The 1964 Chevrolet Chevelle was distinguished by
nicely proportioned angles. Shown is the sporty 1964
Chevelle Malibu SS two-door hardtop.
The 1964 Chevrolet Chevelle, Chevrolet's new midsize car, boasted clean lines and appetizing proportions. On a 115-inch wheelbase, it sat squarely between the compact Chevy II and the full-size line.
Upright in style and conventional in engineering, the A-bodied 1964 Chevrolet Chevelle was closer in size and shape to the "classic" 1955-1957 Chevys -- and a response to Ford's recently introduced Fairlane. Curved side glass was one of its few special features, but a Chevelle was nearly as roomy as an Impala.
Chevelles came in two series: 300 and fancier Malibu. Sales started off strong, suggesting that Americans might be developing a taste for compromise in car size. Chevelles were billed as "a good foot shorter and a few inches narrower than the big cars."
A quartet of engine choices included 194- and 230-cubic-inch sixes (120 and 155 horsepower), a 195-horse 283-cubic-inch V-8, and a 220-horsepower version of the 283 with dual exhausts and four-barrel carburetion.
A four-speed floor-shifted gearbox could replace the usual three-speed, overdrive, or two-speed Powerglide automatic. During the model year, a 327-cubic-inch V-8 capable of turning out 250 or 300 horsepower became available.
"Everyone has a bit of swashbuckler in him," the sales catalog proclaimed -- which could be satisfied with a Super Sport version of the Malibu Sport Coupe or convertible. Priced at $162, the SS package included front bucket seats in an all-vinyl interior, full gauges, console and big round knob for the floor shift, plus radial-pattern wheel covers borrowed from the Impala SS.
In SS form, the usual beltline trim strip was deleted for a cleaner bodyside look. Nearly half of Malibu coupes and convertibles were equipped as Super Sports -- 76,860 in all -- representing more than a fourth of total Chevelle output. A heavy-duty suspension added less than five dollars.
The El Camino car-pickup returned after an absence of several years, but now as part of the Chevelle line. El Camino Customs even included bucket seats and a console, as on the SS.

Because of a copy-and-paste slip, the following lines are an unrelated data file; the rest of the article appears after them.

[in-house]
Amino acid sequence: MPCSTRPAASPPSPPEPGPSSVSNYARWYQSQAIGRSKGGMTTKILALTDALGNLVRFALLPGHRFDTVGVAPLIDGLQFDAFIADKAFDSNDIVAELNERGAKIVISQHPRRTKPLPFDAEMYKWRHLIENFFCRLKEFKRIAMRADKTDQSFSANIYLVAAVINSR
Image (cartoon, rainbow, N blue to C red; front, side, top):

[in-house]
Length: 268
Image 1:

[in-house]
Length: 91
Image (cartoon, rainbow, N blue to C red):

Anxious to fill the gap between the full-size Chevys and the compact Chevy II and Corvair, Chevrolet introduced the intermediate-size Chevelle for 1964. The car was offered in two series, 300 and Malibu. From the start, the Chevelle was distinguished by its perfectly proportioned design that seemed "right" from every angle.
Wheelbase was 115 inches, five inches longer than that of the Chevy II and four inches shorter than the full-size cars.
With the Chevelle's introduction, Chevy now offered 43 models in five distinct car lines. The top-level Chevelle was the Malibu SS, which came standard with an all-vinyl interior, center console with Powerglide or four-speed manual transmissions, bucket seats, functional dash gauges, and SS emblems on the door panels and glovebox.
Available V-8s included a 220-horsepower 283, 250-horsepower 327, and (after mid-year) a 300-horsepower variant of the 327.
Other '64 Chevelle models included the Malibu SS convertible, Series 300 4-door Sedan, and Series 300 4-door wagon.
The 1964 Chevrolet Chevelle included
this Malibu SS convertible model.
| Model|| Weight range (lbs.)|| Price range (new)|| Number built|
|Chevelle 300||2,250-3,270||$2,231-$2,674||68,300 (approx.)|
|Chevelle Malibu||2,850-3,365||$2,340-$2,852||149,000 (approx.)|
|Chevelle Malibu SS||2,875-3,145||$2,538-$2,857||76,860|
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